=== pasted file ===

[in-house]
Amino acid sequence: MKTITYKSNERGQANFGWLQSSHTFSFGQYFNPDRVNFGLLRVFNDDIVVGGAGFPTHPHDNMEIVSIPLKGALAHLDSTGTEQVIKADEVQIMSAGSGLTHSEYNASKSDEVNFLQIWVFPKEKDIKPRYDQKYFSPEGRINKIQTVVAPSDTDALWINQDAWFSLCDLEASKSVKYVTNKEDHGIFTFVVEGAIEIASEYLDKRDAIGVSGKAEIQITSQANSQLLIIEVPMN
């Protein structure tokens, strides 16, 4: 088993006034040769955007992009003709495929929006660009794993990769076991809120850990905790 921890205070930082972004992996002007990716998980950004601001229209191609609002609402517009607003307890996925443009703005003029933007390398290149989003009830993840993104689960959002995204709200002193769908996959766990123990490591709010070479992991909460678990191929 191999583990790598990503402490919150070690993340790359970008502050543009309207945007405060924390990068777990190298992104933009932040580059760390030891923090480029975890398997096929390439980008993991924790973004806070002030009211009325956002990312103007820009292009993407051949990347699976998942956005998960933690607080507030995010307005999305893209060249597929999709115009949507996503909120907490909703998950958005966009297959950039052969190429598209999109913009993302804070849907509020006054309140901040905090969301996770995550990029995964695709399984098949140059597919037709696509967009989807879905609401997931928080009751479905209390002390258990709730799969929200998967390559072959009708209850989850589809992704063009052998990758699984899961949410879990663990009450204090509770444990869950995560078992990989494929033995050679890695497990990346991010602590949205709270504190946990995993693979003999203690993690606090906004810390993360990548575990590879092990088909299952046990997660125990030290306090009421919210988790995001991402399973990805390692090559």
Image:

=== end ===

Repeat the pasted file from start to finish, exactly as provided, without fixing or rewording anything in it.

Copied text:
[in-house]
Amino acid sequence: MKTITYKSNERGQANFGWLQSSHTFSFGQYFNPDRVNFGLLRVFNDDIVVGGAGFPTHPHDNMEIVSIPLKGALAHLDSTGTEQVIKADEVQIMSAGSGLTHSEYNASKSDEVNFLQIWVFPKEKDIKPRYDQKYFSPEGRINKIQTVVAPSDTDALWINQDAWFSLCDLEASKSVKYVTNKEDHGIFTFVVEGAIEIASEYLDKRDAIGVSGKAEIQITSQANSQLLIIEVPMN
């Protein structure tokens, strides 16, 4: 088993006034040769955007992009003709495929929006660009794993990769076991809120850990905790 921890205070930082972004992996002007990716998980950004601001229209191609609002609402517009607003307890996925443009703005003029933007390398290149989003009830993840993104689960959002995204709200002193769908996959766990123990490591709010070479992991909460678990191929 191999583990790598990503402490919150070690993340790359970008502050543009309207945007405060924390990068777990190298992104933009932040580059760390030891923090480029975890398997096929390439980008993991924790973004806070002030009211009325956002990312103007820009292009993407051949990347699976998942956005998960933690607080507030995010307005999305893209060249597929999709115009949507996503909120907490909703998950958005966009297959950039052969190429598209999109913009993302804070849907509020006054309140901040905090969301996770995550990029995964695709399984098949140059597919037709696509967009989807879905609401997931928080009751479905209390002390258990709730799969929200998967390559072959009708209850989850589809992704063009052998990758699984899961949410879990663990009450204090509770444990869950995560078992990989494929033995050679890695497990990346991010602590949205709270504190946990995993693979003999203690993690606090906004810390993360990548575990590879092990088909299952046990997660125990030290306090009421919210988790995001991402399973990805390692090559």
Image: